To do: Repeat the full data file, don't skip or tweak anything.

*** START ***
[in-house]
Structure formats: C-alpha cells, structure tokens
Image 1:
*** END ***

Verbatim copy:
[in-house]
Structure formats: C-alpha cells, structure tokens
Image 1: